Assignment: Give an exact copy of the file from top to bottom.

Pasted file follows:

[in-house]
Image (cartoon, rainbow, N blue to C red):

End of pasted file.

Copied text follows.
[in-house]
Image (cartoon, rainbow, N blue to C red):